The federal government upped its support for the 9.4-mile New Britain-to-Hartford busway to $455 million on Monday, at almost the same moment when members of the congressional deficit supercommittee said they couldn't reach a deal to cut the federal debt.
Coincidence? Of course. But that federal money, including Monday's infusion of $275 million, made Gov. Dannel P. Malloy's crucial support for this risky project awfully easy.
Even if the busway fails, it will handily deliver enough construction jobs and roadway infrastructure to justify Connecticut's $112 million share of the cost. The fact that Texans are also kicking in another $25 million or so, to name just one other state, was of no concern to Malloy, nor should it have been.
That goes a ways toward explaining the federal budget problem. And it explains why, for better or worse, we will have a gleaming new busway system for $60 million per mile in just three short years. If we had to pay for it ourselves, we would not have bought it. The numbers don't add up.
It's tempting to say the busway is as doomed to failure as a downtown Hartford football stadium would have been. Projections call for 16,000 riders a day, a number that seems dicey considering the ridership of other mass transit options in Connecticut, except Metro North.
Maybe the busway will draw all those folks if we open an oyster bar at the terminal in Hartford, just like the oyster bar at Grand Central Station. After all, we had the Honiss Oyster House, and Hartford was more lively for it.
The oyster theory aside, it's also tempting to say that even a successful busway wouldn't be worth the effort since it only promises to remove a few thousand cars a day from I-84, at best — a small fraction of the total.
Tempting, but pointless. The busway opponents have lost. The challenge now is to make this thing work — and along the way, to change the way people think about buses, because that's what it will take.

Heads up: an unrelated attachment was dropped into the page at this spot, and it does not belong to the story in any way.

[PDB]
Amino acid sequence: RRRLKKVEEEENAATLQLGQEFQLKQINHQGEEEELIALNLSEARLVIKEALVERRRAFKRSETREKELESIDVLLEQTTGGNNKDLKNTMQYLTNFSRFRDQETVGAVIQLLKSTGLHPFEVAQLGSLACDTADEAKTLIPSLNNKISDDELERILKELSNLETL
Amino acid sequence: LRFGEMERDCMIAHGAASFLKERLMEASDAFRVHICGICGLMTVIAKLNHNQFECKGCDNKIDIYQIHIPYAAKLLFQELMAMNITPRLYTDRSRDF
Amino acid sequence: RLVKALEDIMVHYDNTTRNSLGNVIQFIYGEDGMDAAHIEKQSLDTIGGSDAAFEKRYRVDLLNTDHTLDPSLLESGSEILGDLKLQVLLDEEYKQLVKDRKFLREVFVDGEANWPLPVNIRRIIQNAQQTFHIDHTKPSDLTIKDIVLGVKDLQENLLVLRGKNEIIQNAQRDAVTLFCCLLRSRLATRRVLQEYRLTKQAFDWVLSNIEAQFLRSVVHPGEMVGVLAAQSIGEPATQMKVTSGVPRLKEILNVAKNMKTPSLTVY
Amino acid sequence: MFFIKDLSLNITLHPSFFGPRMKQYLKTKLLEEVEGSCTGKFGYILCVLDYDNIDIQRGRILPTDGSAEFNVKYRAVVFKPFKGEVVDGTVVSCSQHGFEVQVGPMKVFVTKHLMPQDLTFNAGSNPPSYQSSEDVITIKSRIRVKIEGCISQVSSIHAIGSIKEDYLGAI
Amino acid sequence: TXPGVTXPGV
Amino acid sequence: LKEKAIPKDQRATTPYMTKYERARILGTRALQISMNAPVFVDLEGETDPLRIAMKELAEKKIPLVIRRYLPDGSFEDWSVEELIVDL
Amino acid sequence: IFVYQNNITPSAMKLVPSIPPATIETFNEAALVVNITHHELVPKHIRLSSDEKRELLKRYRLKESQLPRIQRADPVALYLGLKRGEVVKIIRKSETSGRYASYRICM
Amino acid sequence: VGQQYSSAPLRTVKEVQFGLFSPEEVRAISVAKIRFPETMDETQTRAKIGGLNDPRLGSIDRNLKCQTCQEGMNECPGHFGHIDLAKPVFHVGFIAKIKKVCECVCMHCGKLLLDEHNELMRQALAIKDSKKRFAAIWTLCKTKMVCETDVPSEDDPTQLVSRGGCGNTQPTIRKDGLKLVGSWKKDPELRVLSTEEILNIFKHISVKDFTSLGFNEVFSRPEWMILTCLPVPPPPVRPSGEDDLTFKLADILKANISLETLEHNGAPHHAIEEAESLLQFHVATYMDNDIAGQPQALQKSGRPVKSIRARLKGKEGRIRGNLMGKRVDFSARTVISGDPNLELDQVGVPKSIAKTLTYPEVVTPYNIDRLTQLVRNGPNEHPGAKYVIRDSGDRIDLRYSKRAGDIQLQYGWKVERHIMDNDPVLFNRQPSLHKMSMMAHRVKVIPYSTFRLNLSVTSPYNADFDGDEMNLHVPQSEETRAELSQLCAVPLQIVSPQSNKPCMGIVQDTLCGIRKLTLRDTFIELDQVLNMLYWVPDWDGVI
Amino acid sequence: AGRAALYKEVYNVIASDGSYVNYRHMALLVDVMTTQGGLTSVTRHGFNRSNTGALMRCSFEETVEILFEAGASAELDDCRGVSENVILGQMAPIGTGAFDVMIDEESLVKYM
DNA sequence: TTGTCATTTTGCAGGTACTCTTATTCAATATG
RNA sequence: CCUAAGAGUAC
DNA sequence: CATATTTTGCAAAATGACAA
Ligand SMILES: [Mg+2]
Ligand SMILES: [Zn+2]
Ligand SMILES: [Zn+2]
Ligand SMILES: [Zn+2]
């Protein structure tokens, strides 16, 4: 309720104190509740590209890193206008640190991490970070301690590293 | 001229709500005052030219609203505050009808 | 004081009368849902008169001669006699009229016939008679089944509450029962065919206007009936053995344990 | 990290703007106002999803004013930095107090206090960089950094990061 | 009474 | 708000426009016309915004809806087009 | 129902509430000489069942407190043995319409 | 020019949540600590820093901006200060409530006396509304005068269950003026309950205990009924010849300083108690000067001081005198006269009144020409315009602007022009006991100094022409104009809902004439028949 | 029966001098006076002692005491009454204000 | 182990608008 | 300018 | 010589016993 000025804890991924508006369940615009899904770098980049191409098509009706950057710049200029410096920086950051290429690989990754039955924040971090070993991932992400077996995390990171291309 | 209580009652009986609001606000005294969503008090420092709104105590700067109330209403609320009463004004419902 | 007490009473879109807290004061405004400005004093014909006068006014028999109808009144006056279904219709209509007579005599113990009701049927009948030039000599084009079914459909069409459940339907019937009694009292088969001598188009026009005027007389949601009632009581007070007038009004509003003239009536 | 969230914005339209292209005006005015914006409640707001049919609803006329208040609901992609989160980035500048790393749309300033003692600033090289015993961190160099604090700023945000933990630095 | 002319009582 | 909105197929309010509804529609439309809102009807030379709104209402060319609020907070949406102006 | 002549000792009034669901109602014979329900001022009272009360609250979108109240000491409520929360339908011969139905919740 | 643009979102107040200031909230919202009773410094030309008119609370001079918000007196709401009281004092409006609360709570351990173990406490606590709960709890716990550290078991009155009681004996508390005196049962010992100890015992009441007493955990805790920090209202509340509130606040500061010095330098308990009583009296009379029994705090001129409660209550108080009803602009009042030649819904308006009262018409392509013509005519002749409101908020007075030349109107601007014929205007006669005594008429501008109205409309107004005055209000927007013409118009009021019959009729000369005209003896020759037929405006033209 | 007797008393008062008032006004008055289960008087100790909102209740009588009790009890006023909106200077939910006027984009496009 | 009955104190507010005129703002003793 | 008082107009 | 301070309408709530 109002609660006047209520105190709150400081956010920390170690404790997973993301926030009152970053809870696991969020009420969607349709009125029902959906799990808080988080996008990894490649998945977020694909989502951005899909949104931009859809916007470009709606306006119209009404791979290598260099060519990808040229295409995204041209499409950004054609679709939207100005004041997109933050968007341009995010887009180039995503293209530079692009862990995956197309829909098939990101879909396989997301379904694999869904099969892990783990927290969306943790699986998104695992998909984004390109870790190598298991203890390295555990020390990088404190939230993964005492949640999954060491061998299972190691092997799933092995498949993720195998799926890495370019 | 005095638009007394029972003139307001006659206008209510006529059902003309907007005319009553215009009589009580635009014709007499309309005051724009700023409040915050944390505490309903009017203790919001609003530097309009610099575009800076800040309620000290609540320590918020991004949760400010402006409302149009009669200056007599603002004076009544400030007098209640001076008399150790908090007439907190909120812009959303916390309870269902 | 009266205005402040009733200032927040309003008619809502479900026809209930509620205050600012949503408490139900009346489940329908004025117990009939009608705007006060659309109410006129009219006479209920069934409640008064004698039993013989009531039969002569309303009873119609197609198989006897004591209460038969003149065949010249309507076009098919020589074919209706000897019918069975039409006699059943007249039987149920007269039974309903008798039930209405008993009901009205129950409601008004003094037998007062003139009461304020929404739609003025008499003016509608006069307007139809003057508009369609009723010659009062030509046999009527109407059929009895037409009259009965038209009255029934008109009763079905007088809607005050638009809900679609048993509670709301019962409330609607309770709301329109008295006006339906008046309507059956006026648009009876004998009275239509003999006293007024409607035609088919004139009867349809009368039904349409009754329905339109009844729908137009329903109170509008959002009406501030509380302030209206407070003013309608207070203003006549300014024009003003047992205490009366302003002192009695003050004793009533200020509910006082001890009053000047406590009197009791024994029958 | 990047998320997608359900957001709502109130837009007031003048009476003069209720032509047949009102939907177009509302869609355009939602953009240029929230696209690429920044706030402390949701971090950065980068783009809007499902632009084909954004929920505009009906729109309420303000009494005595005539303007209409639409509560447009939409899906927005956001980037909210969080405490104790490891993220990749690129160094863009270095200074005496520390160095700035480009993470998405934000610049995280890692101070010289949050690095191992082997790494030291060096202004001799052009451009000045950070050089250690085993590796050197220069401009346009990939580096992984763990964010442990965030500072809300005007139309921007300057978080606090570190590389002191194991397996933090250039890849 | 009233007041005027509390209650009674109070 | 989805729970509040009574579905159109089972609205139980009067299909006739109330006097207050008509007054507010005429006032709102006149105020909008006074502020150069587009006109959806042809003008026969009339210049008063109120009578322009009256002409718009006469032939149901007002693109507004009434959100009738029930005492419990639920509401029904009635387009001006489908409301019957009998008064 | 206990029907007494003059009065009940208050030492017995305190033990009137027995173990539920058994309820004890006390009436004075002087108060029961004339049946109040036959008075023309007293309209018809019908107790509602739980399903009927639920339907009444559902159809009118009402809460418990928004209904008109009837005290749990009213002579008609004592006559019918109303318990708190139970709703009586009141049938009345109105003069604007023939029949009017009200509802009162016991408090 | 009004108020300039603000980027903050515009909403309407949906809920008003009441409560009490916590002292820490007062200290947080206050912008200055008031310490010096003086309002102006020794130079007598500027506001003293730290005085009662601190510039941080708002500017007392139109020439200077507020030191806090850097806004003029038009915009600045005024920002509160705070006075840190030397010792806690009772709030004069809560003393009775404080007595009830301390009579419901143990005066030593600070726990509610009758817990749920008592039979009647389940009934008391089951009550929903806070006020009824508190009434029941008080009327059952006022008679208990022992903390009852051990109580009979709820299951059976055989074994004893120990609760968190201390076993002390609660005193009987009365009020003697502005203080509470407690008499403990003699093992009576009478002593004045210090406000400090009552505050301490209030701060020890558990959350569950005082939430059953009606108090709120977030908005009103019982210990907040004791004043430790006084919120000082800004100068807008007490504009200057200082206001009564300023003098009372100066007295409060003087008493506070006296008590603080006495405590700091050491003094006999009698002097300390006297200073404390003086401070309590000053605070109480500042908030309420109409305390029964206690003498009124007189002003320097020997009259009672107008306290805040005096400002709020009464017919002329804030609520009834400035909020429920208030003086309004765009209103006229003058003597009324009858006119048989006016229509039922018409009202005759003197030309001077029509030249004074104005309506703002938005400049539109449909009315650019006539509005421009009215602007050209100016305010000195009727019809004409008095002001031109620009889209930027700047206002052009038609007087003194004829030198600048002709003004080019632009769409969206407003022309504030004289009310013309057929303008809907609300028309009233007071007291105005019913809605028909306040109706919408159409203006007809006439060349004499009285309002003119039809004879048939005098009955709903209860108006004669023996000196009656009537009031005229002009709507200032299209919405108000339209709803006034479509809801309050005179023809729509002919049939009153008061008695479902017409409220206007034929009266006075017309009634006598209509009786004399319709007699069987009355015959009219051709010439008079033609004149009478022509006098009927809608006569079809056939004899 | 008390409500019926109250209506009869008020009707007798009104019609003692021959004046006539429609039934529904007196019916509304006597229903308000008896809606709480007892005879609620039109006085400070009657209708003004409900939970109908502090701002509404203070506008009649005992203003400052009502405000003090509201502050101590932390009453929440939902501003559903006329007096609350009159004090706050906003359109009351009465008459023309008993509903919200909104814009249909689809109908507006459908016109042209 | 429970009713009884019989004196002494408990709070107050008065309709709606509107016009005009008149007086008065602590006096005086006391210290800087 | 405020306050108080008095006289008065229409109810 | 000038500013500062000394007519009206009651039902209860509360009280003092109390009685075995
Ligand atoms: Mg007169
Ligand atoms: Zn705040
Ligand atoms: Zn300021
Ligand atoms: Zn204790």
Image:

"People are going to be persuaded that this is high-quality bus service, not like anything that's ever been done," said David A. Lee, general manager of CT Transit in the Hartford, New Haven and Stamford regions.
Not that Lee is badmouthing the service of his own current fleet — he's clearly proud of the work CT Transit does, and he hopes to win the contract for the busway. But a dedicated highway, pothole-free, with limited stops and "articulated" buses carrying 60 passengers in two sections connected by a flexible midsection, will seem more like a train than a bus.
Add to that the ability of this "train" to jump the tracks and carry riders directly onto the busway from, say Plainville, and end up at the front door of, say, Hartord Hospital — and that 16,000 figure starts to come into focus. "I think it's a realistic number," Lee said.
The challenge is impossible if we're measuring this thing by the full, $567 million price tag for our cousins in Texas and Alaska who own a piece of it.
Consider: If we had to pay off that amount in 30 years with a 5 percent loan, the bill would come to $36 million a year. At 16,000 riders a day, or 4 million riders a year, that comes out to $9 per trip before the first tank of gas is filled, before the first driver is hired.
But every form of transportation — including cars and highways — comes with a huge subsidy, as MetroHartford Alliance CEO Oz Griebel pointed out Monday. So we move on, hoping it's an investment that pays off in broader ways.
Griebel believes the busway doesn't explain the federal deficit, which is, as he correctly notes, based on military and entitlement spending, largely Social Security, Medicare and Medicaid. He's in the investment camp.
"There's got to be a comprehensive marketing plan to go along with this," Griebel said. "You don't do it by prayer. … It's like when you build a ballpark, you don't just sit there and hope people come to the games."
The key word here is "comprehensive." If the busway is part of a broader picture, that means we need to prod neighborhood development around the stations, using other forms of social experimentation.
And regardless of what mass transit options we build, we need to raise taxes on gasoline, sharply and permanently, as a state and a nation. That will help people think differently about where they want to live, which is the philosophy of the busway to begin with.
I just wish the plan wouldn't turn Flower Street at the back door of The Courant into a dead-end, cutting off my route home.
Reprinted with permission of the Hartford Courant.
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